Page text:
Joseph Gordon-Levitt has left the anticipated adaptation of Sandman, citing creative differences between his vision of the film and that of New Line Cinemas.
Sandman was a comic series written by Neil Gaiman, about Morpheus, the Lord of Dreams. The series gained a considerable fanbase and critical acclaim over the 75 issues produced between 1989 and 1996. In 2013, Sandman returned as a limited series.
Over the years, there have been numerous attempts to adapt the series for film, and Joseph Gordon-Levitt came onboard in 2013, along with David Goyer producing the film and with Jack Thorne writing the script. Now, Gordon-Levitt has dropped out.
The actor announced his departure on his Facebook page:
So, as you might know if you like to follow these sorts of things, a while back, David Goyer and I made a producing deal with Warner Brothers to develop a movie adaptation of Neil Gaiman’s SANDMAN. Neil himself came on as an executive producer, we hired the excellent screenwriter, Jack Thorne, and we started in on the ambitious task of adapting one of the most beloved and boundary-pushing titles in the world of comics. I was pleased with the progress we were making, even though we still had quite a ways to go.
Recently, as you also might know if you like to follow these sorts of things, the sorta “ownership” (for lack of a better term) of the Sandman material changed hands when Warner Brothers shifted the entire catalogue of Vertigo comics (an imprint of DC) to their subsidiary, New Line. And a few months ago, I came to realize that the folks at New Line and I just don’t see eye to eye on what makes Sandman special, and what a film adaptation could/should be. So unfortunately, I decided to remove myself from the project. I wish nothing but the best for the team moving forward.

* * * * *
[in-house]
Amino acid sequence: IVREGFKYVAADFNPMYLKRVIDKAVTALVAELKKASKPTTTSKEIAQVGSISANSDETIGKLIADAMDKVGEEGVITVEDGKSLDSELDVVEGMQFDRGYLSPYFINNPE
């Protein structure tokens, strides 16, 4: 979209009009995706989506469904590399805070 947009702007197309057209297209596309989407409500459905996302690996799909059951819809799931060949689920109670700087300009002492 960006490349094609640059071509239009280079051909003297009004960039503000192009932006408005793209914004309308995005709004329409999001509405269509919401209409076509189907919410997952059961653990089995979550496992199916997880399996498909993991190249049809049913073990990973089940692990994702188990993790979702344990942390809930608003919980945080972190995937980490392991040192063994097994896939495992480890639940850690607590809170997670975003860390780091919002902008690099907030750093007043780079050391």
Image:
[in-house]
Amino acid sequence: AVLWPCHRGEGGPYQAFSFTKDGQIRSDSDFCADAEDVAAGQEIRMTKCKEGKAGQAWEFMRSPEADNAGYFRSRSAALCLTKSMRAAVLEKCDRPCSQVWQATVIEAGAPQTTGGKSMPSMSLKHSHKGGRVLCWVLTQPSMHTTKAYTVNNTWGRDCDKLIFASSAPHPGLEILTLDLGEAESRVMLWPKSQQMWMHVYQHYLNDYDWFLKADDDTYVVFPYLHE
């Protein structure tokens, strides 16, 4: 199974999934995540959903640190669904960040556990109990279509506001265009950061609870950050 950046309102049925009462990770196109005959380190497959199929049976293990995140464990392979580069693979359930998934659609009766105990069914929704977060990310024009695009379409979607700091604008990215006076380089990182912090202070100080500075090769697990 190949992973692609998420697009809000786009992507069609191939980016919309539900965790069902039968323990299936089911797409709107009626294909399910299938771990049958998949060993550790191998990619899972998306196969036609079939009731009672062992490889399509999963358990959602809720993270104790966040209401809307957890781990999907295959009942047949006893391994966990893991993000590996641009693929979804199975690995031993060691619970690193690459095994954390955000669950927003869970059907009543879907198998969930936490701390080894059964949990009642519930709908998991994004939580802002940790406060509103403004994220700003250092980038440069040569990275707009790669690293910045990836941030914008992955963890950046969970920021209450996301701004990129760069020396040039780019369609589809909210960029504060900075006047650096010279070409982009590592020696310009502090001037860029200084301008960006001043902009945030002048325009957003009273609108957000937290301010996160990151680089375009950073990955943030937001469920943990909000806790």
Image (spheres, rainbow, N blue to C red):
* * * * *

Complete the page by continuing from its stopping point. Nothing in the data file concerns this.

I’d like to thank all the great people I’ve had the opportunity to work with on this one. I’ve had a blast with and learned a ton from David and Jack. Niija Kuykendall, Greg Silverman, and everyone at Warner Brothers have been fantastic, as have Geoff Johns and everyone at DC. And it’s been a particular privilege as well as a rocking good time getting to know Mr. Gaiman, whose generous insights and masterful work have certainly convinced me that the Lord of Dreams and the Prince of Stories are one and the same Endless pattern.
Neil Gaiman weighed in as well, noting that he was pleased to have worked with the actor:
Interestingly, this comes a day after New Line announced that they were bringing on Eric Heisserer, who has written such movies as Final Destination 5, and The Thing (the 2011 version). It certainly sounds as though this isn’t a coincidence, and that New Line wasn’t particularly happy with the film that was shaping up.
There’s obviously no word yet on who will replace Gordon-Levitt.